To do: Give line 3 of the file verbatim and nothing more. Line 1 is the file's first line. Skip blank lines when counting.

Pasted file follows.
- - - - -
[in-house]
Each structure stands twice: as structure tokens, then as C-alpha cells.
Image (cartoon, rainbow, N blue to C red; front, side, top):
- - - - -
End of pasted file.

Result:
Image (cartoon, rainbow, N blue to C red; front, side, top):